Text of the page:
For the past two years the Center for Medicare and Medicaid Services (CMS) has run the DOQ-IT program to help physicians adopt electronic medical records. The program started in Arkansas, California, Massachusetts and Utah and is now being expanded to all 50 states.
I’m not exactly sure why the program is being expanded. The only people I’ve met who are enthusiastic –at least in Massachusetts– are the people from the local Quality Improvement Organization (QIO) running it. The program provides free consulting to doctors and although it can’t officially negotiate prices with vendors, in effect it does. The problem from the physicians’ standpoint is that DOQ-IT doesn’t subsidize the cost of the hardware, software, or service, and provides only minimal implementation support. In addition, physicians are wary because in exchange for accepting DOQ-IT services they have to upload their clinical data to the QIO for quality evaluation.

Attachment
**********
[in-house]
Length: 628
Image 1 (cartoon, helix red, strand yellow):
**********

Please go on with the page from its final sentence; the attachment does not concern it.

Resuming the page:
Karen Bell, who is in charge of the program for CMS told Government Computer News
CMS, over time, will demonstrate [that] actual improvement in medical care has occurred because of health IT.
She’s probably right, but I’d suggest demonstrating real improvement in the four states before scaling the program up.September 14, 2005